The email saw her discuss the ‘difficulties the firm was encountering in pricing the Grenfell job in time for the submission’, and it ‘may be necessary to ask for an extension on the tender deadline’, with her email adding that ‘we could also cite the fact that we are struggling to drum up any interest from cladding contractors’.

Mr Maynard agreed that Rydon’s ‘ability to get its bid together’ for the project had been a ‘threat to its chances of winning a job seen by senior managers as the “best opportunity” available to the firm at the time’, and Mr Millett also asked if Mr Maynard had been aware of these difficulties, with Mr Maynard responding that ‘we’d only used Harleys, therefore our cladding database or knowledge of subcontractors was probably limited and that probably restricted us in that part of the tender’.

He also said that he ‘understood that other cladding firms were approached’ to give prices for Rydon’s bid, and agreed with Mr Millett’s suggestion that ‘they must not have been interested in the job’. Mr Maynard stated: ‘We could get that on a lot of projects. A lot of people aren’t necessarily keen on pricing jobs when they’re just not a live job or a firm project. So I think that quite often the estimators come up against that battle.’

With the previous reveal that Rydon had made an estimating error with its winning bid that gave a price £212,000 ‘lower than it should have been’, while the budget set by Kensington and Chelsea Tenant Management Organisation ‘quickly turned out to be £800,000 less than Rydon’s winning bid’. The company ‘sought to offset some of the shortfall’ caused by its error by ‘holding back’ savings from the ‘value engineered’ move from zinc to ACM cladding.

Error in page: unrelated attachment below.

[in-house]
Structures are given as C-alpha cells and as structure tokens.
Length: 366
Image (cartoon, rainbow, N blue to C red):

The inquiry also heard that Harley had made a ‘six-figure error’ with its figures for ACM alternatives, so the eventual savings from the switch to ACM were £77,000 compared to the original £200,000 estimated. Mr Millett asked Mr Maynard if he ‘had been driving as hard as he could’ to ensure Harley ‘bore as much of the cost as possible’, and for Rydon ‘to make as much of a saving as possible’.

He responded that he ‘was doing my job as best as I could, yeah’, and also believed that Rydon ‘had been fair’ in reaching a price compromise with Harley ‘on the grounds’ that the latter had made an error which ‘in theory’ was ‘their problem’. Rydon’s exploration of the use of cladding with Rockwool’s Duo Slab, a ‘non-combustible insulation material’ that would have got eco funding for the project, was also explored.

Mr Millett presented Mr Maynard with emails between the two companies that suggested the ‘potential use’ of the Rockwool material ‘had been parked’ when Harley ‘pointed out it would only have attracted’ the funding if it was used ‘with a complete system of Rockwool cladding and rails’. When asked why Rydon had not asked for a quote for this, Mr Maynard said he was ‘not sure’.

He was also asked whether he knew that insulation on buildings above 18m needed to be of limited combustibility, which the Rockwool material was and the ‘eventually-specified’ Reynobond was not, and answered that he was ‘not aware of the requirement’.